- Love Hurts: Poor Stephen.
Simon CottonThe eldest Cotton brother and the heir of Scoatney Hall. Separated from his brother by their parents' divorce, he was raised in New England by his mother and moved in academic and intellectual circles. Falls in love with Rose but has a deep, respectful friendship with Cassandra.
- Foreign Culture Fetish: Loves everything about England and is enamored with the idea of being real landed gentry, to the point that he starts developing a slight English accent.
- Love Makes You Dumb: He's too smitten with Rose to notice anything else...including the fact that she doesn't love him back.
- Sibling Yin-Yang: With his brother Neil. Simon is the more thoughtful, romantic, and sensitive of the pair.
Neil CottonThe younger Cotton brother, he was raised in California by his father and is a rugged, earnest, independent outdoorsman who dislikes England and can't wait to go back to his ranch in America. He, too, falls in love with Rose, but keeps his affection secret...until he can't anymore.
- Bad Ass Boast: Convinces an entire crowd of strangers that not only did a bear exist (in the middle of Suffolk), but that he wrestled it into submission before stabbing it with a pitchfork.
- Don't Split Us Up: Neil resents Rose, fearing that if Simon falls in love with her, Simon will never leave England. After being separated for fourteen years by their parents' divorce, Neil is very sensitive about losing his brother again making it all the more difficult to admit his feelings for Rose, since it amounts to breaking up his own brother's engagement.
- First Girl Wins First Boy Wins: Secretly beats Simon to the punch with Rose.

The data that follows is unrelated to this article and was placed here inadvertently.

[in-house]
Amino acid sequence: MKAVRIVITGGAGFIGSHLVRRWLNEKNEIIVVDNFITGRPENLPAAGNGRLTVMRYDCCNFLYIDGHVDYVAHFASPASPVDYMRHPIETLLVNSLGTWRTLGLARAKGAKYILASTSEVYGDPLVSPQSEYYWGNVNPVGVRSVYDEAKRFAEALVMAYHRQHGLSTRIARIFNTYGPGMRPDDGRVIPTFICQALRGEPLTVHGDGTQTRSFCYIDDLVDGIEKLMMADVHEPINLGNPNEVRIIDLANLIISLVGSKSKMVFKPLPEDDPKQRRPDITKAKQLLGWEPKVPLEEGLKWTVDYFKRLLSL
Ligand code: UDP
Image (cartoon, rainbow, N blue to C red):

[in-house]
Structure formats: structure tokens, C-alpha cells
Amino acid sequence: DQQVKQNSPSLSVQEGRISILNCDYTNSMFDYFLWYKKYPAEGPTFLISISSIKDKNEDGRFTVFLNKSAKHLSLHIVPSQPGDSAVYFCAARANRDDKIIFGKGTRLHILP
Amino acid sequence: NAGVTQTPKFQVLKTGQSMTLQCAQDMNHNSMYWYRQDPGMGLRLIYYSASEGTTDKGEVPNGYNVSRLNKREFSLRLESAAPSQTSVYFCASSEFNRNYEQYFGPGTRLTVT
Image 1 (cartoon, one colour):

- Sibling Yin-Yang: With his brother Simon. Neil is the more temperamental, but also the more pragmatic, fun-loving, and easy-going of the pair.
Mrs. Elsbeth CottonNeil and Simon's American mother. She is independently wealthy, incisive, and extremely intellectual, with a keen interest in literary circles. She, too, is interested in reviving Mortmain's sagging career.
- Adaptational Personality Change: In the film, she makes several snide remarks implying that she thinks of Rose as a golddigger and that has generally low opinions of the rest of the Mortmains, too. In the book, however, she calls Rose the daughter she never had and seems to regard the Mortmains fondly, going out of her way to both assist and include them. In particular, in the film, at Rose's wedding to Neil, Mrs. Cotton looks as if she's going to tear out Rose's hair, while in the book she seems equally upset with Neil and is more disappointed and confused than angry at the outcome.
- Brutally Honest: Often to the point of seeming rude, but it's also a pretty effective method of getting people to open up.
- Doting Parent: To both her sons, then extends the offer to Rose when she gets engaged to Simon.
Aubrey Fox-CottonA distant relation to the Cotton family, he plays a very small part in the novel but is involved in the London art scene, which helps him bond with Topaz.
- And the Rest: Aubrey largely disappears after the dinner party at Scoatney.
- Strictly Professional Relationship: With Topaz, though Cassandra worries it might be otherwise, particularly when his efforts to reintroduce Topaz to the art world makes Topaz consider leaving Mortmain.
Leda Fox-CottonWife of Aubrey and likewise a distant relative of the Cottons, she is a professional photographer and a bit of a vamp with a predatory eye for handsome new talent...including Stephen.
- It's Not Porn, It's Art: Her entire studio is full of photographs of nude men, some blown up to terrifying sizes.
- Mrs. Robinson: It's hinted that Stephen isn't the only handsome young model she's seduced.
- The Vamp: Has some tendencies toward this, and certainly looks the part in the film, right down to the Theda Bara haircut.